EU Executive Pledges Curbs On Commodity Speculators

The European Union’s execut ive announced plans Feb. 2 to tackle speculation in commodities with new controls on trading to stop runaway prices for grain and energy.

Spiralling food prices, which helped spark deadly riots that brought down the ruling regime in Tunisia, have prompted Middle Eastern neighbours to stockpile grain.

Rising commodity prices have also been blamed for fuelling a spike in British inflation that could complicate the country’s bid to rejuvenate slow growth by keeping interest rates low as prices rise.

The European Commission, which writes laws to be signed off by the region’s 27 countries, published an outline of plans Feb. 2 to tame the speculators some believe are driving food prices higher.

“Between 2002 and 2008, the number of financial contracts for derivatives in commodities has tripled,” said Michel Barnier, the commissioner in charge of EU financial reform.

“We are no longer talking about foodstuffs. Agricultural products are turning into financial assets.”

Barnier wants to beef up the powers of regulators to intervene when speculative positions in derivatives – whose value is tied to a commodity – send grain or energy prices spiralling.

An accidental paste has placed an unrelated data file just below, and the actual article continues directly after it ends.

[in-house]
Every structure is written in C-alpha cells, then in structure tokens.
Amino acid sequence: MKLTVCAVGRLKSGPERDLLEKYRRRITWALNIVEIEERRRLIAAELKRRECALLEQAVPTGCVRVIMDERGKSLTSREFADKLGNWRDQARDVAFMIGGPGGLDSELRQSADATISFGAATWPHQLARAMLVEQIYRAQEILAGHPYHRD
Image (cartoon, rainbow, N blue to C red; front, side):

He plans to push traders to disclose their positions and is considering imposing so-called position limits to stop mega-trades that could upset markets.

“We need to know who is doing what,” said Barnier. “We need to set out rules … This will include the possibility of including position limits.”

PRICE CONTROL

Were it to tighten rules, the EU would be catching up with the United States, which has already agreed on trading caps.

“Like the U.S., the EU needs to have a special regime for commodity derivatives,” said Sony Kapoor, head of London think-tank Re-Define.

“Buy and hold investor involvement is bad for producers and consumers but good for investment banks and fund managers.”

Derivate traders, however, reject the idea of such controls.

“I do not think that position limits is the way to go,” said Anthony Belchambers, head of the Futures and Options Association in London, representing traders in Europe’s biggest derivative market. “It comes down to a back door form of price control”

The clampdown by the European Union, one of the world’s biggest food exporters, is being driven by France, with the backing of German Chancellor Angela Merkel.

French President Nicolas Sarkozy, who chairs the G20 until November, has promised to push this to the top of the agenda for the group of the world’s most important economies.

As in the past, however, Berlin and Paris are likely to face opposition to any new regulations from London, Europe’s hub for commodity trading, presenting an obstacle that could force them to water down their proposals.

France and Germany may also struggle to persuade global partners to back their position, as happened with a failed bid for a tax on financial transactions including share trades.

Much of the success of any drive to control commodity trading in Europe will depend on a new EU watchdog set up to monitor markets but many are skeptical that the small 30-man agency will have the clout to intervene.

Politicians have repeatedly blamed financial speculators for causing the crisis, but officials in Brussels are grappling to understand whether they really played a role.

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